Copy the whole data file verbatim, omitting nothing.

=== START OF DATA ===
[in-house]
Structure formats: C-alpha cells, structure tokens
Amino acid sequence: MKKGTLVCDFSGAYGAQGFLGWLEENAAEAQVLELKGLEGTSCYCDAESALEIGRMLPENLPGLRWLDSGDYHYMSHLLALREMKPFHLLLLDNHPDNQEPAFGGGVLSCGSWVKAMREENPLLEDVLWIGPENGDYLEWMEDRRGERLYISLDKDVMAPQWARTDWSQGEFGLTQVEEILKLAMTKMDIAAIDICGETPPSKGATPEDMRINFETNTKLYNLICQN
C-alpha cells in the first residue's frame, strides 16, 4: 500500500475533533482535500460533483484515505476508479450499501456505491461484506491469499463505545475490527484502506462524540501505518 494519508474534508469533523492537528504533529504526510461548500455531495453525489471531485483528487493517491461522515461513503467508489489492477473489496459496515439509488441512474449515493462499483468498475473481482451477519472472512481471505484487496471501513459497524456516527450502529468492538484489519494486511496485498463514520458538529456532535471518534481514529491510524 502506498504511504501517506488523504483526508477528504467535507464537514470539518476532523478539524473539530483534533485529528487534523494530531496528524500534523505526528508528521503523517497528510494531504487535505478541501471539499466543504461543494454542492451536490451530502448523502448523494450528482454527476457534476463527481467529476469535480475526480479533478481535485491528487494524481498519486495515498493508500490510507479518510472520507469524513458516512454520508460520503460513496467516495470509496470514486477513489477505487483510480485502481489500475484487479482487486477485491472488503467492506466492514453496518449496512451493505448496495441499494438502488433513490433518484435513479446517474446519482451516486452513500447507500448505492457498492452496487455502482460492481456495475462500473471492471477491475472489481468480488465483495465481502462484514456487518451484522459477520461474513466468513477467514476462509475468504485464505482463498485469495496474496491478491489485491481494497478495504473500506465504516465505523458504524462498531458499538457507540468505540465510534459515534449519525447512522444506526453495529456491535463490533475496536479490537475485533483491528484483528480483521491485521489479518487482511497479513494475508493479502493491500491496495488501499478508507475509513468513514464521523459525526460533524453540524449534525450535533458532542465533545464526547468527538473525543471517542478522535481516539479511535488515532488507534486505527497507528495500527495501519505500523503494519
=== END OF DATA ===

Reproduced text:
[in-house]
Structure formats: C-alpha cells, structure tokens
Amino acid sequence: MKKGTLVCDFSGAYGAQGFLGWLEENAAEAQVLELKGLEGTSCYCDAESALEIGRMLPENLPGLRWLDSGDYHYMSHLLALREMKPFHLLLLDNHPDNQEPAFGGGVLSCGSWVKAMREENPLLEDVLWIGPENGDYLEWMEDRRGERLYISLDKDVMAPQWARTDWSQGEFGLTQVEEILKLAMTKMDIAAIDICGETPPSKGATPEDMRINFETNTKLYNLICQN
C-alpha cells in the first residue's frame, strides 16, 4: 500500500475533533482535500460533483484515505476508479450499501456505491461484506491469499463505545475490527484502506462524540501505518 494519508474534508469533523492537528504533529504526510461548500455531495453525489471531485483528487493517491461522515461513503467508489489492477473489496459496515439509488441512474449515493462499483468498475473481482451477519472472512481471505484487496471501513459497524456516527450502529468492538484489519494486511496485498463514520458538529456532535471518534481514529491510524 502506498504511504501517506488523504483526508477528504467535507464537514470539518476532523478539524473539530483534533485529528487534523494530531496528524500534523505526528508528521503523517497528510494531504487535505478541501471539499466543504461543494454542492451536490451530502448523502448523494450528482454527476457534476463527481467529476469535480475526480479533478481535485491528487494524481498519486495515498493508500490510507479518510472520507469524513458516512454520508460520503460513496467516495470509496470514486477513489477505487483510480485502481489500475484487479482487486477485491472488503467492506466492514453496518449496512451493505448496495441499494438502488433513490433518484435513479446517474446519482451516486452513500447507500448505492457498492452496487455502482460492481456495475462500473471492471477491475472489481468480488465483495465481502462484514456487518451484522459477520461474513466468513477467514476462509475468504485464505482463498485469495496474496491478491489485491481494497478495504473500506465504516465505523458504524462498531458499538457507540468505540465510534459515534449519525447512522444506526453495529456491535463490533475496536479490537475485533483491528484483528480483521491485521489479518487482511497479513494475508493479502493491500491496495488501499478508507475509513468513514464521523459525526460533524453540524449534525450535533458532542465533545464526547468527538473525543471517542478522535481516539479511535488515532488507534486505527497507528495500527495501519505500523503494519